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How does Russell present theme through his characters in 'our day out'? Is Russell successful at communicating these themes to his audience.

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Introduction

How does Russell present theme through his characters in 'our day out'? Is Russell successful at communicating these themes to his audience. Willy Russell the author of Our Day Out has had his equal share of scrapes and he bases this onto some of his characters in our day out like the very unfortunate Carol Chandler who we see first out of the pupils and she has come to school with her school uniform which we read in the script doubles as her Sunday best clothes and a plastic bag with all her school stuff in and by this we can see that the youth of Liverpool in the late 1970's because of the employment crisis which put 3 and a half million people out of jobs. With this we see that the first themes is presented Deprivation and isolation with Carol because it isn't obvious that she has any friends and she is alone on her way to school and she is deprived of a school bag ...read more.

Middle

are guzzling lemonade by the litres and scoffing down chocolate and they quickly disappear when Ronnie gets back on and he even offers to buy the kids more sweets just shows how gullible bus drivers are. There is a real strong feeling of aggression when Reilly and Digga start smoking but that's the attitude of older pupils that think they can get away with bullying smaller kids. Throughout the entire play we have a real feeling of nihilism, which basically means deprivation for the pupils, and even some of the teachers because they are all affected by the employment crisis. With Carol she is quite innocent during the play because she has no friends and she stays with Mrs Kay for most of the time because she feels safe and she feels the fact that deprivation has nearly ruined her live as well as anyone else there and she doesn't want to go back to that life and she wants to stay in Wales where its nicer than her ...read more.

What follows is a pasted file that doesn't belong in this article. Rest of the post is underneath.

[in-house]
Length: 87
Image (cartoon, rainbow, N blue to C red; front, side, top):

Conclusion

from Briggs the man that could hate every child in the world to Briggs the man that could love and care about every child in the world we also see a contrast with Mrs Kay were she has given up hope on the kids and they will become nothing more than factory fodder and that's that. Russell puts these several themes across in many ways from the way the characters speak to the stage directions that move them with quotes like Mrs Kay: "Teach them? Teach them what? You'll never tech them because nobody knows what to do with them." And Mr Briggs saying: "The minute we start to treat you like real people, what happens? That man was right, you act like animals, animals!" the part of the quote highlighted shows that the pupils are classed as people who are not taken seriously and not allowed to be called real people and then there's a contrast with Briggs and Mrs Kay goes back to the nice one again. ...read more.

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